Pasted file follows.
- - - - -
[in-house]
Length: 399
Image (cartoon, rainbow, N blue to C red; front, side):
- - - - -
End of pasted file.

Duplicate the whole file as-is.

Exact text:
[in-house]
Length: 399
Image (cartoon, rainbow, N blue to C red; front, side):